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Prove that $$\frac{(2\cos^2 x - 1)^2}{\cos^4 x - \sin^4 x} = 1 - 2 \sin^2x$$

Thanks!

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    $\begingroup$ Please show your work and where you faced problems $\endgroup$ – Vizag Apr 20 '19 at 17:16
  • $\begingroup$ Are you able to solve now? Or are you still facing problems? $\endgroup$ – Vizag Apr 20 '19 at 18:34
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Hint: $$2\cos^{2}{(x)} - 1 = \cos{(2x)} = \cos^{2}{(x)} -\sin^{2}{(x)}$$

Can you take it from here?

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In other words, $(\cos 2x)^2/\cos 2x=\cos 2x$, where one of the three famous expressions for $\cos 2x$ has been multiplied by $\cos^2x+\sin^2x=1$ to throw you off the scent. (As @OscarLanzi points out, we could instead think of them as three expressions for $\cos^2x-\sin^2x$ if we didn't know double angle formulae.)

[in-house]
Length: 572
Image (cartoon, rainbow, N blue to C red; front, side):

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  • $\begingroup$ You don't need the double angle formulas at all. They throw the scent off in this problem. $\endgroup$ – Oscar Lanzi Apr 20 '19 at 17:22
  • $\begingroup$ @OscarLanzi Thanks; edited. $\endgroup$ – J.G. Apr 20 '19 at 17:32
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The denominator is $(\cos^2 x - \sin^2 x)(\cos^2 x + \sin^2 x)$. Furthermore, you should know something about $\cos^2 x + \sin^2 x$...

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  1. Factor $\cos^4 x-\sin^4 x=(\cos^2 x)^2-(\sin^2 x)^2$ as a difference of squares.

  2. Render $\cos^2 x+\sin^2 x = 1$ to eliminate the cosine terms.

  3. Everything falls into place.

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